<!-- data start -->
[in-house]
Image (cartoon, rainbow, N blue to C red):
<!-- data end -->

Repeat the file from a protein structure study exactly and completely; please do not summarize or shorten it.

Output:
[in-house]
Image (cartoon, rainbow, N blue to C red):